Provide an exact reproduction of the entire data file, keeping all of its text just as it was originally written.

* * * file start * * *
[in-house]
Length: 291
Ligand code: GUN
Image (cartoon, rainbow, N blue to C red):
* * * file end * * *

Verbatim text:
[in-house]
Length: 291
Ligand code: GUN
Image (cartoon, rainbow, N blue to C red):